DOVER, Del. (Legal Newsline) – The Delaware Supreme Court affirmed the decision of Chief Judge of the Delaware Court of Chancery, Leo E. Strine, Jr., in a contractual dispute case but issued a strident criticism of the Judge’s use of the opinion “as a platform from which to propagate (his) individual world views on issues not presented.”
The case, Auriga Capital Corporation et al. v. Gatz Properties, LLC and William Gatz, involved a dispute between the controlling member-manager and minority investors of Peconic Bay, LLC, which held a long-term lease on property developed into a golf course in Long Island, New York.
Auriga alleged that after the golf course operator, American Golf, failed to make a profit for several years, Gatz began to manipulate the business conditions in order to place himself in a superior position to the minority investors of the LLC.
Strine found for Auriga and the other minority investors and Gatz appealed to the Delaware Supreme Court.
The Delaware Supreme Court agreed with Strine on all the substantial issues, including damages, affirming Strine’s decision by finding that Gatz Properties and William Gatz “violated that contracted-for fiduciary duty by refusing to negotiate with a third-party bidder and then, by causing the company to be sold to himself at an unfair price in a flawed auction that the manager himself (Gatz) engineered.”
The five justices of the Court heard the appeal en banc and the Court issued its opinion per curiam – no single justice claiming authorship. After addressing the matters on appeal, the Court found it necessary to address “one issue the trial court should not have reached or decided.”
Strine had chosen to comment at length on his opinion that the Delaware Limited Liability Act imposes “default” fiduciary duties upon controllers and managers unless the parties to the LLC agreement specifically agree, in their contract, that those duties do not apply.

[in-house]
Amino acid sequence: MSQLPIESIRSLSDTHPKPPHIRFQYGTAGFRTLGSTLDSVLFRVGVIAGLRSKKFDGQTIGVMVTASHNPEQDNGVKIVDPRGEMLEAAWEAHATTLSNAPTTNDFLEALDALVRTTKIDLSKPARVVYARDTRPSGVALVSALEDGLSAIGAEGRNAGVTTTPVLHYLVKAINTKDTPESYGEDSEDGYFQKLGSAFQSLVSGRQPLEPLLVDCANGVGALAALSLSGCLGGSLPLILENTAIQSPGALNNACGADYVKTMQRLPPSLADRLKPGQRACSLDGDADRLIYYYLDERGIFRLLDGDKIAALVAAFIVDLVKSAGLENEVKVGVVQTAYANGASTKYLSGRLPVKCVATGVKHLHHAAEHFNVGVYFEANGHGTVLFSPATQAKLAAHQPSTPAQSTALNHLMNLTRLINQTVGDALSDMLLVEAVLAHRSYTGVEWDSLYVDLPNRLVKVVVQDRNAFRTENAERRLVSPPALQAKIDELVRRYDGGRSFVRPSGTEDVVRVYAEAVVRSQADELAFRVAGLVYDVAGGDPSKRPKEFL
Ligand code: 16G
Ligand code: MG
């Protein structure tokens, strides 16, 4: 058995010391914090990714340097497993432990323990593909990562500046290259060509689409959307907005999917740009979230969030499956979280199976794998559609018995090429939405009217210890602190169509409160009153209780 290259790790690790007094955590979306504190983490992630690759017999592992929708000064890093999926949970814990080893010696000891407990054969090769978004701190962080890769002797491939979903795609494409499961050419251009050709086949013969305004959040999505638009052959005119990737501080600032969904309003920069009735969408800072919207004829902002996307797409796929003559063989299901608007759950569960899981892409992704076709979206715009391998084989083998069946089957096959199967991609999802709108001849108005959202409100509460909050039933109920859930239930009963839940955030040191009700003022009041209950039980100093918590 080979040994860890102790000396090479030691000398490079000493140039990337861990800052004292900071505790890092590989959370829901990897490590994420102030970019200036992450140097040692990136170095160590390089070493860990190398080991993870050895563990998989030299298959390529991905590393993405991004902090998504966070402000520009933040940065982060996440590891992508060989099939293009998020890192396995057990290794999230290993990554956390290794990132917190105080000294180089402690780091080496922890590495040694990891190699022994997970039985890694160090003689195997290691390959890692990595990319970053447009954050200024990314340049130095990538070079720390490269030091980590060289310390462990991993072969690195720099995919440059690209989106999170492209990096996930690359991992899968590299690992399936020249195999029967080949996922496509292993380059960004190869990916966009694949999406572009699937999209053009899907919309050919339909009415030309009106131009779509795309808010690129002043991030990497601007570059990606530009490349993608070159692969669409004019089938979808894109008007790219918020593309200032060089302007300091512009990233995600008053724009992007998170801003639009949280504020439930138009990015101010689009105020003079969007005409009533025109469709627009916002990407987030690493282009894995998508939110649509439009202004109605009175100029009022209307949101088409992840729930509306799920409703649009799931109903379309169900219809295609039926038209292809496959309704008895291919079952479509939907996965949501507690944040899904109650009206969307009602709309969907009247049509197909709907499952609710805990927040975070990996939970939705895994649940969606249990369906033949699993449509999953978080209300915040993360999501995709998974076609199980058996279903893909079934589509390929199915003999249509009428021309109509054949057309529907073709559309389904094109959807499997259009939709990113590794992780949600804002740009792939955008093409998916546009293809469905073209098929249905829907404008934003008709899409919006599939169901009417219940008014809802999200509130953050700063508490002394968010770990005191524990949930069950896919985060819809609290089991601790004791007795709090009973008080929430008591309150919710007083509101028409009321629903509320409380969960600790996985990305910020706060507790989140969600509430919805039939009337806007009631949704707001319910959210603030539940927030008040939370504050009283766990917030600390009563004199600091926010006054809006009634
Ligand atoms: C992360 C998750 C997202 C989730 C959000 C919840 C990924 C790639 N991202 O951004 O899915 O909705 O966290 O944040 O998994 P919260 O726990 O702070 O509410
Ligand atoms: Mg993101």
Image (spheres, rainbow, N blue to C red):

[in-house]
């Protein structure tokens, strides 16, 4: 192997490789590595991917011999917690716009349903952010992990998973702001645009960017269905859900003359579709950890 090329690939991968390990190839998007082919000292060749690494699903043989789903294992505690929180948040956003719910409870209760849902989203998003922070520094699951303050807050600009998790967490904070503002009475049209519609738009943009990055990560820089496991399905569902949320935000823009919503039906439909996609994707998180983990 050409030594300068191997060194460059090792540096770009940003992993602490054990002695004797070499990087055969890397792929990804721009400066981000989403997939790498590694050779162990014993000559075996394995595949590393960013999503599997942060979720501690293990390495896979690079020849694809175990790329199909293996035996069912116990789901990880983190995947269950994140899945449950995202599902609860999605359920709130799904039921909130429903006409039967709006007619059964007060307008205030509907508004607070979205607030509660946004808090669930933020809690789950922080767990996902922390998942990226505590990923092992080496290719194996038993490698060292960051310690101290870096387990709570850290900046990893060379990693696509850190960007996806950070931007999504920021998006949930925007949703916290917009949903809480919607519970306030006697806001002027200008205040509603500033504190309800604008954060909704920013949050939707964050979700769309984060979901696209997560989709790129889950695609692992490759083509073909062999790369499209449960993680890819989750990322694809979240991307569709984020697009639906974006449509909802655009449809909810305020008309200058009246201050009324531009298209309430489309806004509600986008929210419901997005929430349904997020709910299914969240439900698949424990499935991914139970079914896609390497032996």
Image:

“Where, as here, the dispute over whether fiduciary standards apply could be decided solely by reference to the LLC Agreement, it was improvident and unnecessary for the trial court to reach out and decide, sua sponte, the default fiduciary duty issue as a matter of statutory construction,” the Court wrote.
“First, the PeconicBay, LLC Agreement explicitly and specifically addressed the “fiduciary duty issue” in Section 15, which controls this dispute. Second, no litigant asked the Court of Chancery or this Court to decide the default fiduciary duty issue as a matter of statutory law. In these circumstances we decline to express any view regarding whether default fiduciary duties apply as a matter of statutory construction. The Court of Chancery likewise should have so refrained.
“A judge’s duty is to resolve the issues that the parties present in a clear and concise manner. To the extent Delaware judges wish to stray beyond those issues and, without making any definitive pronouncements, ruminate on what the proper direction of Delaware law should be, there are appropriate platforms, such as law review articles, the classroom, continuing legal education presentations, and keynote speeches.”